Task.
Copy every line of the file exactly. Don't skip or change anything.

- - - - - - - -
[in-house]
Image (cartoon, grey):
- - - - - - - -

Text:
[in-house]
Image (cartoon, grey):